• Watersports (Part 2)

    Being able to get water just by turning a tap is magical.

    Sure, I am guessing that most of you take it for granted, but I have to say that just watching water coming out of a tap is quite entrancing.

    Now don't get me wrong, I had no problem pulling water from a well, it was a three times a week ritual, sometimes more. Rain, shine or snow I would trudge down to the well, lift the lid and drop my bucket down the well, fill two thirty litre pails then, head back home to fill my 'water pot'.

    When you are doing this you tend to have a mind to rationing water, not that it was any great hassle to go back down to the well and refill, but I guess my overriding control harks back to the days that I faced a twelve kilometre trip to fetch water.

    Even now, with my seemingly never-ending supply from the borehole, I find myself watching as I fill the container and mentally working out when I will next need to refill.

    Even so, after a week of walking outside to the tap and filling my container I decided I needed something more. I needed to prepare for winter.

    If the pipe continued to lay on the ground when winter comes I will be stuck without water and potentially the pipe will be irreparably damaged.

    I decided that I was going to move my water supply indoors!

    This was going to entail a pipe, at least 1.5 metres underground, then running it into the house itself. It was also an opportunity for me to turn the pump-house into something resembling a real workplace and not just stuff thrown into a room and left to run.

    The pipe was going to need to run about thirty metres to the house, and like I said, at least one and a half metres underground, no small task, and the excavator wasn't available.

    In addition, I wanted to move the pump to it's fianl resting place, attach the piping and filters to the walls and generally make the pump room look a little more professional.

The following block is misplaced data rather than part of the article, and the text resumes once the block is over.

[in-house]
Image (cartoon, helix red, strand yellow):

Moving the pump and laying out the new pipe was a simple enough task, getting the pump to pull water again, well that was something completely different.

    I could pull water up the pie by pushing it down the borehole then pulling back up again. The non-return valve did it's job and a few minutes of pushing and pulling and I would get a head of water coming out of the pipe.

    Priming the pump was easy enough, despite the fact that the filler hole is pretty small. But, gettinmg the water through the filters... The best that I was managing was one filter half full, the other less than a quarter.

    In all, I spent about seven hours trying to get the system operational again.

    In the end I decided that the only option that was available to me was to reduce the system to it's most basic level, get that working, then think about adding the 'niceties' afterward.

    Out came the filters, sections of piping and their connectors were removed and a single pipe now runs from the borehole to the pump. On the outlet side, again a single pipe to the tap.

    Pump switched on and all is working fine. I have water running to a tap that is in the house.


    The pump isn't shutting down. It's getting up to pressure but it's still running. There's still a problem somewhere.

    I think that maybe I can reduce the pressure reading that will switch off the pump, but all I manage to do is electrocute myself when the section I open turns out to be a pressure pipe.

    In the end I switch off and call it a day.
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